THE SPACE NEEDLE: When the Space Needle was built in 1962 for the Seattle World’s Fair it was the tallest building west of the Mississippi River. Now $100m is being spent to add extra glass – and the world’s first revolving glass floor – to the impressive structure. Visitors can still take a trip to the observation deck at the top for stunning views of the city – but, the restaurant there is currently closed. www.spaceneedle.com

THE MONORAIL: Built at the same time as the Space Needle to transport tourists from the centre to the lookout tower, it’s a fun way to visit the top tourist attractions. Back in 1962 it was way ahead of its time, giving a bird’s-eye view through office windows as you fly past on the short journey.
THE MUSIC MUSEUM: Seattle is renown as a music city. The birthplace of Jimi Hendrix and indie musical giants Nirvana and Pearl Jam, it is second only to New York City in the US for live music performances.

Seattle’s impressive Music Museum

The fascinating shape of the museum of pop culture here, MoPOP, is said to be modelled on a smashed Hendrix guitar. There’s also a chance to discover your superhero here – at a special ‘Marvel’ Exhibition celebrating 80 years of superheroes with art work, costumes and props, which runs until this month. www.mopop.org

LIKE A DUCK TO WATER: It’s 25 years since Sleepless in Seattle hit the big screen but the houseboat house where Tom Hanks lived is still there – you can see it on the Ride the Ducks tour of Seattle. This is a tour with a difference, the amphibious vehicle hops around some of the main sites in the city then takes you onto the water of Lake Union. Tickets are £25 ($35) for adults. https://www.ridetheducksofseattle.com/ Also on the water, the Washington State Ferry system is the largest in the country, carrying more than 25m passengers a year. And nine major cruise lines provide seven and 14-day trips from Seattle to Alaska.

WHALE WATCHING: An experience of a lifetime. A half-day Puget Sound Express whale-watching tour guarantees seeing orcas and humpbacks. Puget Sound Express is located just north of Seattle in Edmonds. Adult tickets are $135 (£96). http://www.pugetsoundexpress.com/tours/guaranteed-whale-watching-tours/seattle-whale-watching-tours/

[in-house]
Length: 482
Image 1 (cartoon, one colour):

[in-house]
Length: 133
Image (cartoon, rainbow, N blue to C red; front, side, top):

GOING UNDERGROUND: Seattle not only has land based and water-based city tours, it also has an Underground City Tour telling the story of why – and how – the city was raised by 12-15ft.

Wine-tasting in Woodville

It takes you underneath modern-day sidewalks to stroll past subterranean old store fronts which were built over when the city affected by the fire of 1889. Adult tickets are $19.11 (£13.65). www.undergroundtour.com/ 

THE BOEING FACTORY: Aerospace enthusiasts can visit this huge factory on the edge of the city to learn the history of Boeing, which became the largest employer in Seattle during World War II when the US government suddenly needed to build huge numbers of aircraft. 

BEER TASTING: Washington State is the leading producer of hops in the US, providing them not only to its many thriving micro-breweries but even to German beer makers. Celebrating this, Seattle Road Dog Brew Tour takes you to three breweries in three hours with, of course, samplings. $79 (£56.50) per person. www.roaddogtours.com

TIME FOR WINE: Washington is also second only to California for wine production. Its wineries are mainly four hours’ drive from Seattle on the eastern side of the state. However, you can sample them on a ‘tasting tour’ in Woodville, just 30 minutes’ outside Seattle’s centre.

Chihuly Gardens

There are more than 100 different wine-tasting centres owned by vineyards in this pretty, countryside area. You can sample a great selection by booking a four-hour day trip – complete with driver and guide to show you around. Bespoke tours organised by Bon Vivant Tours. www.bonvivanttours.com

EAT OUT: Check out the Collections Café at Chihuly Gardens and Glass at the Seattle Center near the Space Needle. The café has glass-topped tables full of fascinating collections by artist Dale Chihuly while his glassblowing skills and amazing sculptures are showcased in a garden of glass flowers. www.chihulygardenandglass.comTop Tip: It’s worth looking into a Seattle City Pass, which you can buy at any of the main attractions and gives admission to five top attractions, including the Space Needle – saving you up to 45%. www.citypass.com/Seattle

MORE DETAILS: For further information on visiting Seattle and Washington State visit www.Seattle-WashingtonState.co.uk or http://www.visitseattle.org 

Food on board the Aer Lingus flight

FLIGHT DETAILS: Aer Lingus economy class seats from the UK to Seattle start at £239 each-way when booked as a return trip. Connections from UK airports, including Bristol, are on Sundays, Mondays, Wednesdays and Fridays. Business class flights from Bristol start at £899 each-way including taxes and charges. Information on fares and schedules from www.aerlingus.com

Comments are closed.

ADVERTISE HERE

Reach tens of thousands of senior business people across Bristol for just £75 a month. Email info@bristol-business.net for more information.